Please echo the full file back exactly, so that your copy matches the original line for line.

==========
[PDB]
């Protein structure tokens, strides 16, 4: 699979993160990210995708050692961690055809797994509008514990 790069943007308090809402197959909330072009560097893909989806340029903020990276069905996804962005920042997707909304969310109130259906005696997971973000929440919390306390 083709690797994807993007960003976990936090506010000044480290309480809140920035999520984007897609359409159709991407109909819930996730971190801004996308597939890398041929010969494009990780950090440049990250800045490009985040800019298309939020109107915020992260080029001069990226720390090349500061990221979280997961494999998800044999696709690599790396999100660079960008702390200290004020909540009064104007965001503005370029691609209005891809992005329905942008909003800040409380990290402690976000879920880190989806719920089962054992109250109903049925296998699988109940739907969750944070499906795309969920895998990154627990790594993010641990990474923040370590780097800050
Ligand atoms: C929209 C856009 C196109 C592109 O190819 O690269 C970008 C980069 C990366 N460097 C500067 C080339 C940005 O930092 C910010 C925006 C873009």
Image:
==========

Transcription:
[PDB]
């Protein structure tokens, strides 16, 4: 699979993160990210995708050692961690055809797994509008514990 790069943007308090809402197959909330072009560097893909989806340029903020990276069905996804962005920042997707909304969310109130259906005696997971973000929440919390306390 083709690797994807993007960003976990936090506010000044480290309480809140920035999520984007897609359409159709991407109909819930996730971190801004996308597939890398041929010969494009990780950090440049990250800045490009985040800019298309939020109107915020992260080029001069990226720390090349500061990221979280997961494999998800044999696709690599790396999100660079960008702390200290004020909540009064104007965001503005370029691609209005891809992005329905942008909003800040409380990290402690976000879920880190989806719920089962054992109250109903049925296998699988109940739907969750944070499906795309969920895998990154627990790594993010641990990474923040370590780097800050
Ligand atoms: C929209 C856009 C196109 C592109 O190819 O690269 C970008 C980069 C990366 N460097 C500067 C080339 C940005 O930092 C910010 C925006 C873009």
Image: